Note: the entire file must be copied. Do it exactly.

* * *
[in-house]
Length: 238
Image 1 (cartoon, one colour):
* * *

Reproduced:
[in-house]
Length: 238
Image 1 (cartoon, one colour):